Trifle.

by admin

Trifle I, 2013 are some pieces made by Richard after two months of residence at SIM Residency in Reykjavik, Iceland. Through this project, the artist has chosen to treat the phenomenon of over consumption in our society. With appropriating and diverting strong symbolic images of the consumer society, she criticizes the excesses of the latter: overproduction, junk, waste, North / South inequalities, body-worship and beauty.  Collage allows her to create a new world with elements of the existing world.  She returns the anomalies, while avoiding the lure of the aesthetic instrumentation of reality.

With the development, modernization and the enhancement of the populations of some countries beginning in the 1950’s,  people faced a profusion of products which led them in a downward spiral.  It pushed them to purchase products that they did not even need.  At this time, this frenetic consumption reflected the optimism and confidence in the future.  However, our way of living is taking more and more the form of an aggressive mass culture.  In this approach, consumption is no more for every individual the means to satisfy a need, but rather to be different.  In essence, this personalization tends to replace the real differences between contradictory individuals.

Jean Baudrillard condemns the increase in consumption by “artificial accelerators”(1),  such as accounting tools, psychological tools and sociological tools set up for the only purpose of increasing demand, while persuading consumers to respond to their deepest desires. The power of the consumer society is huge, it shapes and structures our brain according to the social and economic order of the contemporary world in which we live. It even takes the place of morality, where the body becomes an indispensable object. While advertising has often resorted to erotic figures, it is actually a censorship of our own fantasies. They are smothered by a set of codified sexual signs. We all have tendencies to over consume, but to each its own. The main goal is perhaps to fill a void…a void that terrifies the human, and in front of this feeling, he adopts impulsive behavior and excessive behavior…animal behavior, linked to a pure instinct of protection and survival.

To illustrate this animal instinct that the artist wishes to put forward in this project, the exhibition closes with Trifle II, 2013. This work is composed of a woman mounted against the wall.  She wears a garment of fur and intestinal linings to reference our tribal ancestors.  A pod sits atop of her head, like a tumorous growth that plagues our society. This sculptural installation is worn by the woman as she sits for hours in front the audience. Like in all her actions, Cristin Richard has developed a very elaborate plastic language: indeed the precise codification of the body’s movement trains as a whole beam of references and signs. Through this performance, the artist opens up the intimacy of her work to the viewer, which puts him in this form of correspondence described by Michel Foucault “It is a matter of coincidentally summoning the gaze of the other and that which one trains on oneself “(2).  When the viewer is faced with a human being within the sculpture in front of him, he immediately identifies with it.  He feels intrigued and uncomfortable.  He moves from contemplation to observation therefore wondering what he sees, trying to analyze and understand the universe in which he is involved in.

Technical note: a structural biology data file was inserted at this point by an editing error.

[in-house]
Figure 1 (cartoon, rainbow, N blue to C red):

(1) Jean Baudrillard “La société de Consommation”, Idées Gallimard 1970  (2) Michel Foucault ‘L’écriture de soi” Revue Corp écrit, no 5: L’autoportrait, février 1983, pp.3-23

 

Curated by  Kenza Amrouk

 

« It is YOU I am  addressing because you are the ‘unit’ of my work l’AUTRE »  Gina Pane – Letter to a stranger, 1974

Performance in Detroit….

I was invited to present « Trifle II» 2013, within the same room of which a four course meal was served to Detroit area patrons and designers. Being that the piece criticizes consumption, I find it quite humorous to have had it installed amongst people who not only consume, but are also surrounded by the finest things on a daily basis. It was also interesting and constructive to observe the Detroit audience and compare it with the one from Reykjavik.  Icelandic viewers were more involved with the piece, they seemed intrigued about the choice of materials and the imagery used. American viewers appeared  to be more preoccupied with the performer, as if she were their entertainment. Is overconsumption a part of lifestyle influenced by the US citizens? Are Icelanders more sensitive to the questions relative to the overexploitation of natural resources? It is clear that this subject provoked some interesting reactions, which has inspired me to conduct further research on it.

-Cristin Richard

Trifle I. (Untitled)
Collage
approx 4′ x 6′

 

Trifle I. (Untitled)
Collage
11″ x 16″

 

Trifle I. (Untitled)
Collage
12″ x 15″

 

Trifle I. (Untitled)
Collage
14″ x 10″
Trifle I. (Untitled Collage)

 

Trifle I. (Untitled)
Collage
10″ x 13″
Trifle I. (Untitled Collage)

 

Trifle II.
Animal intestines, fur,
paper, acrylic, adhesive
Trifle II., (2013, Reykjavik)

 

Trifle II. (Performance Installation)
Kunstschlager, Reykjavik, Iceland
Trifle II., (2013, Reykjavik)

 

Trifle II. (Performance Installation)
CultureLab Event at Frontera
Detroit
Trifle II. (2013, Detroit)